What if you could still see a loved one even after they were gone?
South Korean broadcaster Munhwa Broadcasting Corporation (MBC) made this possible for mom Jang Ji-sung, who lost her seven-year-old daughter to blood-related diseases three years ago, Reuters reports.
In emotional video footage shared by MBC, Jang wears virtual reality goggles and stands in front of a green screen. Soon after, the viewer is able to see what she sees: a big green space, and her daughter, Na-yeon, in virtual reality.
The little girl, wearing a dress and carrying a pink Frozen-themed purse, can be seen emerging from behind a pile of wood.
“Mom, where have you been? Have you been thinking of me?” Na-yeon asks.
Her mom, choked up, responds: “Always.”
The emotional mom reaches forward to touch her daughter but sees her hands move through the virtual figure of her child.
“I really want to touch you just once,” Jang says with tears running down her face, her hands shaking. “I really missed you.”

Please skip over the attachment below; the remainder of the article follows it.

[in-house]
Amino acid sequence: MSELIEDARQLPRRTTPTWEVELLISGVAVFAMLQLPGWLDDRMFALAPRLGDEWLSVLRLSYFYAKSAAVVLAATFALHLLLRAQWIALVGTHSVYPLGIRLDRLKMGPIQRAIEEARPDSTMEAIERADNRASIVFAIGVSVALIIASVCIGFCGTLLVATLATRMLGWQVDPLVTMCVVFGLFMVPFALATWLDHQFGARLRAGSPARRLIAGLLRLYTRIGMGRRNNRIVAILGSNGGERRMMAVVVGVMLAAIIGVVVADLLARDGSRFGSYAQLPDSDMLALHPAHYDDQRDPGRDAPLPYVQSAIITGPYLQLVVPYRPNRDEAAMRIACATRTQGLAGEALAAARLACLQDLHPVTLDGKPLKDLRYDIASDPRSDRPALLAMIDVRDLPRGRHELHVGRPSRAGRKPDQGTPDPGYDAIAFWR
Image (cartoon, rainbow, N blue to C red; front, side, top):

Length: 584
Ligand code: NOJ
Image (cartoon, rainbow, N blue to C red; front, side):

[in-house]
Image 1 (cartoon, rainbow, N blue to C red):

At times throughout the video, the camera pans to Jang’s remaining family: her husband and their three children. They can be seen wiping their eyes. Though they can’t see Na-yeon, Jang’s emotions are enough to bring them to tears.
At one point, the mother and daughter celebrate Na-yeon’s missed birthdays, singing Happy Birthday together.
The heart-wrenching scene is part of a South Korean documentary called Meeting You, which shows just how far VR technology can be taken — it’s not just for video games anymore.
The clip from the documentary has been watched more than 13 million times on YouTube.
Lee Hyun-suk, director of VIVE Studios in Seoul and leader of the project, hopes that advances in technology can be used to comfort people.
“People would often think that technology is something that’s cold,” Hyun-suk said. “We decided to participate to see if technology can comfort and warm your heart when it is used for people.”
While producer Kim Jong-woo told Reuters the objective was to remember Na-yeon — not recreate her — some take issue with the nature of the film, saying it exploits grief.
“It’s understandable a grief-stricken mother would wish to meet her late daughter,” media columnist Park Sang-hyun told Agence France-Presse. “The problem lies in that the broadcaster has taken advantage of a vulnerable mother who lost a child for sake of the viewer ratings.”
For Jang, it made her happy to see her daughter one more time.
“It’s heartbreaking that her time has stopped at the age of seven,” Jang says in the video.
“But I was so happy to see her that way.”
— With files from Reuters
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